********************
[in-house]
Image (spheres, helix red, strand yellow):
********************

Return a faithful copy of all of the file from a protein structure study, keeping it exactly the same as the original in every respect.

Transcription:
[in-house]
Image (spheres, helix red, strand yellow):